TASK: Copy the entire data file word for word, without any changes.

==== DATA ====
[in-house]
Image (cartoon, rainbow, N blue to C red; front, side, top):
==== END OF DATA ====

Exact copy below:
[in-house]
Image (cartoon, rainbow, N blue to C red; front, side, top):